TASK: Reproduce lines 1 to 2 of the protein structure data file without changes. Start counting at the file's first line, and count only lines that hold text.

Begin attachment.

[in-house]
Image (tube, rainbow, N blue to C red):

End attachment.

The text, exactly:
[in-house]
Image (tube, rainbow, N blue to C red):